Frequently Asked Questions
Basic computer skills and literacy! Literally if you can read and are MOTIVATED to create games, we will take you step-by-step through the learning process. If you're more advanced, you can skip the basics and get into the meat later in the course.
Already A Unity Developer?
If you're an experienced Unity Developer the course will necessarily go over topics that you are familiar with as we aim it at people who are completely new to both Unity and programming.
We will also be restricting ourselves to functionality available in the free version of Unity, so that everyone can follow along. If you already feel very comfortable with Unity3D and game development, 80% of the course will be familiar to you.
That said, we certainly intend to go into more advanced topics in both game development and Unity. In particular, we hope to cover and have at least one chapter on...
* Shader programming
* Advanced Lighting (which would include lightmapping)
* Extending the editor (custom inspectors, editor windows, etc)
Other things that you might find valuable would be...
* Game design principles, which we'll be showing in context throughout the course.
* Clean coding and organisation principles, which we'll use in all our projects.
We also hope to have at least an introductory chapter dedicated to each of: Window, Mac, Linux, iOS and Android, and one of Xbox One or PS4. These will cover some platform specific topics and native API access as well as release mechanism for that platform.
The Oculus rift is a stretch goal, so if the course does well, we'll be including it. (We're aiming to publish our stretch goals at 50% funding).
Steam access and the Steam submission process is something that we hope to include by default.
As far as advanced multiplayer programming, the final course project is intended to be a multiplayer game. However, having had some experience with building multiplayer platforms, I don't think we'll have the time to cover the details needed for "Advanced" multiplayer. We'll stick to the basics without going into optimisations, as things like positional interpolation, multi-server setups, information hierarchy or network optimisations are topics that are significant in their own right and require a lot of context that is outside the scope of the course.Last updated:
Yes, yes, yes and yes! The only requirements are...
+ You speak English.
+ You have an internet connection.
+ You can pay using a credit or debit card (no PayPal we're afraid)Last updated:
If we hit our £12,500 stretch-goal we'll translate to Boo too... hey that rhymes!Last updated:
So far we have a lots of potential games that we could make, but we're pretty sure we'll take you through a 3D Pong clone, a multiplayer tank battle game, a platformer and a space combat simulator. We'll also be covering at least one 2D game.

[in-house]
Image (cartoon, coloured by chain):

We'd love your input, so why don't you help us decide? Send us a message with your ideas!Last updated:
Basically Ben is a professional teacher and communicator, and will be crafting the learning journey from a beginner's perspective. Brice is a veteran coder, and will be making sure it's done "right".
We are developing several games as part of the course, some of which you will be able to try really soon.Last updated:
No, the £15 level and above get you full, lifetime access to the course. All the software you'll need to use is available for free. We are not currently planning to cover topics in Unity Pro.Last updated:
We want you to learn by DOING. Therefore we'll make the video content as short as possible but no shorter. We're committed to at least 20 hours, and it may be twice this. Each video will be 2 to 20 minutes long.
Expect to take 5 to 10 times this long to actually complete the course, as you'll have a lot of thinking, problem solving and creating to do.
Full-time you should expect to spend at least a month of long hours to consume the course properly. Part time, you're looking at more like three months.Last updated:
Good question! There are lots of systems you could apply your learning to. We chose Unity 3D because...
+ It's in demand
+ There is a completely FREE version
+ There is plenty of support available on the webLast updated:
Great question! Even at the £15 pledge level there will be a thriving student community discussion, in which we will be active. You can ask your questions there and get an answer within a few hours.
Moving up from that the £30 pledge level and above include direct interaction with us, so if you really want to get un-stuck quickly consider upping your pledge. These Google Hangouts...
+ Answer questions, and you'll find even hearing other people's problems being solved is really helpful.
+ Hangouts will NOT tie in with the course structure, they are to answer
questions on whatever problem you are working on at the time.
+ They will be recorded and available to watch anytime.
Finally, we will be providing finished code for each exercise so you can compare where you are to where you should be.Last updated:
Good question, here's our plan...
1) Once the Kickstarter ends, the course will be available at a pre-release price of £49 on http://codeschool.org.uk.
2) Mid September the course will be hosted on Udemy at $199 (about £120). Udemy may apply their own discounts to this course. Some Udemy promotions MAY discount the course to below £15 for short periods of time.Last updated:
I'm afraid not, Kickstarter handle the payments and we have no control over that. However, could you get inventive and ask a friend to pay then pay them back?Last updated:
Yes, absolutely, but only until funding ends. You pay £15 now, and nothing later.Last updated:
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